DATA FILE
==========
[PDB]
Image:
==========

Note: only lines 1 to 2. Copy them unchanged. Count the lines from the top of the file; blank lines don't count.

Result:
[PDB]
Image: